ASCE Risk Management Resources

Construction Observation Duties Do Not Make an Engineer Responsible for On-Site Safety

Posted on 10/6/2016 by ASCE Insurance in Liability

It is common for engineers to be named as defendants in lawsuits by construction workers who are injured while working at the construction site. Often, an injured worker’s attorney will name everyone involved in the project and determine who is liable later, or even worse, invent a reason why a party might be liable. As in most circumstances, the engineer’s contract and/or conduct will determine the duties of the engineer and, thus, whether the engineer can possibly have any liability for an on-site construction accident.1

by Sarah A. Johnson, Esq.

Accordingly, where engineers have no construction phase duties and/or do not perform any on-site services, the lawsuit is usually resolved in the engineer’s favor via a dispositive motion because the engineer has no duty to warn the workers of any unsafe conditions that might exist.2 However, plaintiffs’ lawyers will almost always try to prevent summary judgement, or the granting of a dispositive motion, where the engineer has construction observation duties. Inevitably, plaintiffs’ lawyers argue that the engineer’s construction observation duties provide the engineer with control over the site and responsibilities regarding safety measures at the site or, at the very least, allow the engineer an opportunity to witness and correct the unsafe condition.

In reality, however, the engineer’s construction observation duties usually have nothing to do with safety and do not provide the engineer with any kind of control over the construction site. Instead, the engineer usually contracts to make periodic visits to the site in order to familiarize himself or herself with the progress of the work and to determine if the work is proceeding generally in accordance with the contract documents. As such, absent proof that the engineer assumed duties outside of his or her contract or actually observed a condition that he or she recognized as unsafe and failed to take action, the engineer should have no duty to construction workers with respect to safety measures and thus no liability for construction site accidents.3

However, an engineer will certainly be subject to liability if he or she takes on duties to supervise the construction, including safety measures and/or hazards at the site.4 It will likewise be difficult for an engineer to escape liability where his or her contract or conduct leads to ambiguity about his or her duties with respect to construction site safety.5 Thus, it is always best for an engineer to include language in his or her contract that expressly states that the engineer does not assume control over the site or safety measures and does not have any responsibility for construction means, methods, techniques, sequences, procedures, or safety precautions.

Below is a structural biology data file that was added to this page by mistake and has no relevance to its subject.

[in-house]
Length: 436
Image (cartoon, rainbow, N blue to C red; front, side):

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1Frampton v. Dauphin Distribution Servs. Co., 648 A.2d 326, 328 (Pa. Super. Ct. 1994); Wartenberg v. Dubin, Dubin & Moutoussamy, 630 N.E.2d 1171, 1174 (Ill. App. Ct. 1994).

2E.g., Frampton, 648 A.2d at 328-329 (finding that an architect hired to prepare construction drawings and a foundation design for a proposed warehouse did not have a duty to warn construction workers of an overhead power line); Patin v. Indus. Enters., Inc., 421 So.2d 362, 366 (La. Ct. App. 1982) (finding that an engineer hired to draw plans for a building next to an electrical servitude has no duty to provide instructions as to how to safely proceed with construction).

3Baker v. Sweet Assocs., Inc., 278 A.D.2d 615, 428-29 (N.Y. App. Div. 2000) (finding that engineer who contracted to make visits to the site to observe the progress and quality of the work did not breach any duty owed to the injured worker); Wartenberg, 630 N.E.2d at 1173, 1175 (finding that an architectural firm that agreed to observe the construction for the purpose of determining whether it is generally in the agreement with the documents was not in charge of the site and owed no duty to the injured worker); Block v. Lohan Assocs., Inc., 645 N.E.2d 207, 211, 222-23 (Ill. Ct. App. 1993) (finding that architect whose duties were to furnish plans, specifications, and calculations and to review and approve work for conformity to the architectural and engineering design intent had no duties regarding worker safety as he was not in charge of the work); Marshall v. Port Authority of Allegheny County, 568 A.2d 931, 936-37 (Pa. Super. Ct. 1990) (finding that an engineer who contracted to monitor the construction to assure the delivery of the specified systems and facilities in accordance with the contract drawings and specifications did not have a duty with respect to jobsite safety hazards); Wheeler & Lewis v. Slifer, 577 P.2d 1092, 1094, 1096 (Col. 1978) (finding that an architect who agreed to make periodic visits to familiarize himself with the progress and determine in general if the work was proceeding in accordance with the construction documents had no duty to supervise the construction precautions taken for the safety of the workmen).

4Moore v. PRC Eng’g, Inc., 565 So.2d 817, 819-20 (Fla. Ct. App. 1990).

5Heath v. Huth Engineers, Inc., 420 A.2d 758, 759 (Pa. Super Ct. 1980).